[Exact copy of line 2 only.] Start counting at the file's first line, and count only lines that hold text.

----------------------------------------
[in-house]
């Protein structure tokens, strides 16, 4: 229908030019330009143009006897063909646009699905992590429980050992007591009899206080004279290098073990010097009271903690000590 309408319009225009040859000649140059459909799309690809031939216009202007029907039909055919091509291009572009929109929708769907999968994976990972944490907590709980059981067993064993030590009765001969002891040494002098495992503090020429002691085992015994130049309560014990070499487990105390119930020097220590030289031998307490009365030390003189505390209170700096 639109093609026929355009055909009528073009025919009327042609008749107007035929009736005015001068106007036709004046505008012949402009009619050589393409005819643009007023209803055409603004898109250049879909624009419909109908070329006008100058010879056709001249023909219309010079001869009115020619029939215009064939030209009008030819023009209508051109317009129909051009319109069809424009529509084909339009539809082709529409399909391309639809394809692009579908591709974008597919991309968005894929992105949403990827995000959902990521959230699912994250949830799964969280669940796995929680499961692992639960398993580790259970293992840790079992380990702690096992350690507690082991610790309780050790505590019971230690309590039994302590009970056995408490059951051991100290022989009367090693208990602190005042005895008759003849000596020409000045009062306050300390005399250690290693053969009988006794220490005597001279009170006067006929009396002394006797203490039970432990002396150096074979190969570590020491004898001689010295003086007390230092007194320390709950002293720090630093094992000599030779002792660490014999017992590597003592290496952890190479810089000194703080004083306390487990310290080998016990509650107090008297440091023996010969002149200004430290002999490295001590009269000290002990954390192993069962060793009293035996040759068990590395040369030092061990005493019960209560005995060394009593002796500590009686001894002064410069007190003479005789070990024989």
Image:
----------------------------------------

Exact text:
């Protein structure tokens, strides 16, 4: 229908030019330009143009006897063909646009699905992590429980050992007591009899206080004279290098073990010097009271903690000590 309408319009225009040859000649140059459909799309690809031939216009202007029907039909055919091509291009572009929109929708769907999968994976990972944490907590709980059981067993064993030590009765001969002891040494002098495992503090020429002691085992015994130049309560014990070499487990105390119930020097220590030289031998307490009365030390003189505390209170700096 639109093609026929355009055909009528073009025919009327042609008749107007035929009736005015001068106007036709004046505008012949402009009619050589393409005819643009007023209803055409603004898109250049879909624009419909109908070329006008100058010879056709001249023909219309010079001869009115020619029939215009064939030209009008030819023009209508051109317009129909051009319109069809424009529509084909339009539809082709529409399909391309639809394809692009579908591709974008597919991309968005894929992105949403990827995000959902990521959230699912994250949830799964969280669940796995929680499961692992639960398993580790259970293992840790079992380990702690096992350690507690082991610790309780050790505590019971230690309590039994302590009970056995408490059951051991100290022989009367090693208990602190005042005895008759003849000596020409000045009062306050300390005399250690290693053969009988006794220490005597001279009170006067006929009396002394006797203490039970432990002396150096074979190969570590020491004898001689010295003086007390230092007194320390709950002293720090630093094992000599030779002792660490014999017992590597003592290496952890190479810089000194703080004083306390487990310290080998016990509650107090008297440091023996010969002149200004430290002999490295001590009269000290002990954390192993069962060793009293035996040759068990590395040369030092061990005493019960209560005995060394009593002796500590009686001894002064410069007190003479005789070990024989």